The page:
• Apparently in Britain, monkey nuts are peanuts with the shells still on. In Australia, however, the term “monkey nut” refers to pine nuts. (This is a new one for me: until I read Lynne’s blog post I thought monkey nuts were pine nuts everywhere.) My guess is we call them this because they grow in tall trees where people can imagine monkeys to play, rather than in small trees or bushes like regular nuts.

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Chocolate and garlic cake

This chocolate and garlic cake recipe was invented by Carol Willis and shared on the Lspace recipe archive. It’s not the easiest dessert to prepare (involving tricky manouvres such as separating eggs and crushing garlic), but well worth the effort for special occasions such as parties to which vampires are not invited.

I tried it a couple of times years ago, and found it very nice to eat. The garlic flavour is quite strong when it is fresh, but gradually fades over the week, so those who prefer a milder flavour can simply wait a few days and eat the leftovers. I believe this recipe should be preserved for posterity, so here is my paraphrase of Carol’s recipe.

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Favourite spelling error

Do you have a favourite spelling error? One that made you cry with delight when you noticed it in print? That you have vowed never to tell the perpetrator about lest they fix it and deprive the world of a good laugh? I do, and I’m going to share it. I’m also going to recommend a nice place to eat.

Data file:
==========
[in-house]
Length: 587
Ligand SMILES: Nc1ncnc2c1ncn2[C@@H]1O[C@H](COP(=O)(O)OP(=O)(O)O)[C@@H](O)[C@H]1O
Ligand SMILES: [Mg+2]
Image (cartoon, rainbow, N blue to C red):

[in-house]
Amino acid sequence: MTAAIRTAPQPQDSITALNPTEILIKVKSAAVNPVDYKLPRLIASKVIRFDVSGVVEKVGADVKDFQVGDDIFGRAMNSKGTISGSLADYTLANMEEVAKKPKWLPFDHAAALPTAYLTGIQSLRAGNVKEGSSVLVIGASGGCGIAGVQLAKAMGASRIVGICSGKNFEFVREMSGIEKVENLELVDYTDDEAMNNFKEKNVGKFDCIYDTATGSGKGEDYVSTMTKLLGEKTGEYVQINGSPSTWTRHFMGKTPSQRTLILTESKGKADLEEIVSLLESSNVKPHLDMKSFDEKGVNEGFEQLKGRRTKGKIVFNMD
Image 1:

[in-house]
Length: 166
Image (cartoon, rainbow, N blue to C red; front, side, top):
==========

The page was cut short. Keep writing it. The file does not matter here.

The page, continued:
To understand why this error is so funny, it helps to be familiar with Terry Pratchett’s Discworld series. I’m sure you all are, but here is a quotation from Mort to refresh your memory:

Reannuals are plants that grow backwards in time. You sow the seed this year and they grow last year. Mort’s family specialized in distilling the wine from reannual grapes. These were very powerful and much sought after by fortune-tellers, since of course they enabled them to see the future. The only snag was that you got the hangover the morning before, and had to drink a lot to get over it.

Got that? Well, the spelling error is on the menu from a small North Indian restaurant/takeaway not far from where I live. It’s under the entry for fish curry, which reads:

Fish in a thick sauce of onions, tomatoes, tamarind, fish gravy and traditional time reversed spices.

Time-reversed spices! I love it! Of course, it’s meant to say time-revered, but I love the idea that spices grown on reannual plants from the Discworld are a traditional part of North Indian cuisine.


For old time’s sake, I recreated something with a piece of toast today that I haven’t made for years. Strawberries and grapes atop chocolate spread, like this:

Toast, chocolate spread, grapes, strawberries

I also had ago at implementing an idea that I thought of years ago but have never actually tried before. Sculpting Stonehenge, out of the above ingredients. This is the best I can do: